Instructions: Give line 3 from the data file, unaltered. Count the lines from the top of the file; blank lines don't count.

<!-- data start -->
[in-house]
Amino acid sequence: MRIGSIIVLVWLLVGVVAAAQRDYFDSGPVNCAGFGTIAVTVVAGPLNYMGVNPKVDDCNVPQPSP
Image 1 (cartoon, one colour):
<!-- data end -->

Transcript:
Image 1 (cartoon, one colour):